GEORGIA: Pentecostals Latest Victims of Violence.

by Felix Corley, Keston News Service, 28 March 2001

Defrocked Orthodox priest Basil Mkalavishvili and his supporters have directed their attacks at Pentecostal Christians in the latest in a series of attacks against religious minorities and journalists that have so far gone unpunished. A group of eight visiting Pentecostal pastors - seven of them Americans and one South African – were attacked by Mkalavishvili and some 70 of his supporters in the Gldani district of the Georgian capital Tbilisi on 24 March, Pentecostal leaders have told Keston News Service, although Mkalavishvili's threats to return the next day to attack the Pentecostal church's Sunday service failed to materialise. However, Mkalavishvili resolutely denied that he and his supporters beat the visiting pastors, though he told Keston categorically that he has the right to ban `sectarians' from building their `Satanist' churches and he would stop the Pentecostals building on the site where the pastors were attacked.

The eight foreign pastors were visiting Tbilisi for a conference when, on the way back to their hotel, they decided to stop off at the site where the Pentecostals plan to build a Bible college. `They just wanted to take photos and videofilm of the site to show people in the United States,' Pentecostal Bishop Olegi Khubashvili told Keston by telephone from Tbilisi on 27 March, `but they were there only about fifteen minutes before Basil Mkalavishvili and some seventy supporters turned up. They then began to beat them, carrying on for about ten minutes before they disappeared.' He reported that the attackers stole several cameras and videocameras.

After the attack the visiting pastors returned to their hotel where three of them needed medical attention. `The beatings were not too strong, but there were injuries,' Bishop Khubashvili declared. Officers from the Gldani police came the following day to take statements from the victims and the case has now been passed to the Gldani procuracy. `I believe there will be a criminal case,' Bishop Khubashvili added, `though it is difficult to say how it will go.'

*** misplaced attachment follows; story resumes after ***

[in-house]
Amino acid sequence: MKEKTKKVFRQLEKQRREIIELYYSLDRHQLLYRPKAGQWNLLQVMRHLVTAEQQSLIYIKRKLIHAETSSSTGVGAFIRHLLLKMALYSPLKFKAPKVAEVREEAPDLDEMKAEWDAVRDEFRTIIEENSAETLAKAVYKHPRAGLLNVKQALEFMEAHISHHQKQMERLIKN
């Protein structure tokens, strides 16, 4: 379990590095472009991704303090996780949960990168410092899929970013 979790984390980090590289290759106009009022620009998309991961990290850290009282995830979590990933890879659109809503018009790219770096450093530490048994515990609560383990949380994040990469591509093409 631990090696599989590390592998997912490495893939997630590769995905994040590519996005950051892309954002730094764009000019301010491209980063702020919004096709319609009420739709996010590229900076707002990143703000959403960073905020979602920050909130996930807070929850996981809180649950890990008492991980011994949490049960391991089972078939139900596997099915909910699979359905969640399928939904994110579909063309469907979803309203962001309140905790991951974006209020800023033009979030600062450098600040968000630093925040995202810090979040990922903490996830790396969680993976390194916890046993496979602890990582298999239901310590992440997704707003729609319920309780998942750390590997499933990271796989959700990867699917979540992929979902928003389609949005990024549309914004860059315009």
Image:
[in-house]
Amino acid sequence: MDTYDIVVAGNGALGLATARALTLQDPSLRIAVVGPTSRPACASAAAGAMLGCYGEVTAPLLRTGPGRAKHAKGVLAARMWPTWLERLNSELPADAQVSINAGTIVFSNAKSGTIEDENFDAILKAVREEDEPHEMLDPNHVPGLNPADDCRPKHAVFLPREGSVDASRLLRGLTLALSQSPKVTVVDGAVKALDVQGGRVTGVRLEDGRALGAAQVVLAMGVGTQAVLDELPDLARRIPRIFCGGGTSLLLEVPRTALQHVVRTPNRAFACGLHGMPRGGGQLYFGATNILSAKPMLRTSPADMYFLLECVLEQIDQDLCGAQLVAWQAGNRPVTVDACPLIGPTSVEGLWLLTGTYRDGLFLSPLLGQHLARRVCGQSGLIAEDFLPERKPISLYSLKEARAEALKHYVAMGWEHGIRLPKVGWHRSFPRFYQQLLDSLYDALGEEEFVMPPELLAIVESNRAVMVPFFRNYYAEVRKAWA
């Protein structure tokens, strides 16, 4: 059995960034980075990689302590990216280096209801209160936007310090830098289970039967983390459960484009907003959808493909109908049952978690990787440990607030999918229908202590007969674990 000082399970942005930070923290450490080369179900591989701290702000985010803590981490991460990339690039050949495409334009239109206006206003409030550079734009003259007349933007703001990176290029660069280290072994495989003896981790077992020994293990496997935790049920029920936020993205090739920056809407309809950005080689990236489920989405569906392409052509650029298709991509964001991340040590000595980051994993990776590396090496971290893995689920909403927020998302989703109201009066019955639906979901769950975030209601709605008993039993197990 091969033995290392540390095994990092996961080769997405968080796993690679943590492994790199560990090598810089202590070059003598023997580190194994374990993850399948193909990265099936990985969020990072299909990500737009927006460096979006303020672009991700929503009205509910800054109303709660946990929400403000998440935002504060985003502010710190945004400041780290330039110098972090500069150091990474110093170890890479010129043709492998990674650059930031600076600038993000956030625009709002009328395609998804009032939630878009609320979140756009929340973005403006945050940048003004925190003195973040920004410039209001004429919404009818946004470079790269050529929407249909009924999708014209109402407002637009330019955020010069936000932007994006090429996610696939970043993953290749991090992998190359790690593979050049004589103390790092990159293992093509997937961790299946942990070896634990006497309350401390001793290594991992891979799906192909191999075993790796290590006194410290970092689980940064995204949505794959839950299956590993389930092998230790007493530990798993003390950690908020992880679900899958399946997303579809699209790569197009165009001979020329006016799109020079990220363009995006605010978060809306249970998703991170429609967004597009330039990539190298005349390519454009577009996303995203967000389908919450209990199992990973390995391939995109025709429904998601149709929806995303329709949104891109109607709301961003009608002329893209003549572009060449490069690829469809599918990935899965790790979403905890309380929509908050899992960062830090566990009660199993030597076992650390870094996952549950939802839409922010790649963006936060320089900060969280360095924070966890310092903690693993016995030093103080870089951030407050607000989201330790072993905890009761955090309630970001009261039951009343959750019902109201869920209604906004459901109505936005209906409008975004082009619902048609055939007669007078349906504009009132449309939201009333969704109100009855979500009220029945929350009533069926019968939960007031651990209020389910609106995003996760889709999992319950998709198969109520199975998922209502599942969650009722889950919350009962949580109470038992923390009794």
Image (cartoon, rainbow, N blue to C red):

Bishop Khubashvili - who was not present when the attack took place - declared categorically that Mkalavishvili was the instigator of the attack. `Of course it was he who led the attack.' He also insists that violence was used.

However, speaking to Keston by telephone from his church office on 28 March, Mkalavishvili denied absolutely that any violence had been used against the pastors or that any cameras had been stolen. `They are lying. Fifteen of us arrived and told them to leave, saying that they had come as foreigners to build a church and that we were not going to let them. But there was no violence. We are simply not allowing them to build.' Mkalavishvili went on to deny that he and his supporters had ever used violence against other Pentecostals, Baptists, Jehovah's Witnesses and journalists, despite witnesses from numerous victims attesting to this violence (see KNS 23 March 2001). On 15 March, however, the Supreme Court of Georgia issued a statement condemning ‘the acts of vandalism of Basil Mkalavishvili and his followers &ldots; and other expressions of religious extremism and intolerance’.

Mkalavishvili did not deny that he was engaged in a campaign to obstruct the activity of non-Orthodox groups. `We won't allow sectarians to build their Satanic churches,' he declared of the Pentecostals, Baptists and Jehovah's Witnesses. `We are a country that has been Orthodox for twenty centuries,' he maintained. `They are against Orthodoxy and insult Jesus Christ. They are selling out Orthodoxy and the Georgian soul.' Asked what gave him the right as a private individual to attack and obstruct the work of religious minorities, he insisted: `It is my business. I am a Georgian citizen. I will not allow them to conduct their work.'

He contrasted what he believed was the lack of difficulty for religious minorities to acquire building plots with the difficulty he said his congregation has experienced trying to acquire a plot to build in the Gldani district. (Mkalavishvili was defrocked by the Georgian Patriarchate in 1995 and is now under the jurisdiction of Greek Old Calendarists.) `The state doesn't allow us to build a church though I have 15,000 spiritual children. We have had to worship on the street for the past six years.' Asked who had specifically banned his church from acquiring a site and building a church he declared: `The city mayor, the parliament.' Asked why the difficulties his congregation has faced in acquiring a site justified attacks on other religious communities he declared: `They [the authorities] won't give us a site but they [the Pentecostals] have been able to buy a site easily.'

The attack on the pastors came the day after Mkalavishvili and four supporters arrived at the Pentecostal conference which was attended by some 300 people. `We decided not to let them in,' Bishop Khubashvili declared, `but they promised to return in larger numbers. However, they did not do so.' He added that at the Pentecostals' Sunday service on 25 March, the local police warned that Mkalavishvili had threatened to come along and break up the service. The police advised them to leave the building. The 600 Pentecostals at the service declined to leave, telling the police that it was their duty to come and defend them against any attack, and the service continued. Bishop Khubashvili reported that the police then sent five cars of officers, who remained outside on the pavement until the end of the service. `There were no incidents,' he declared. `Mkalavishvili did not turn up.' (END)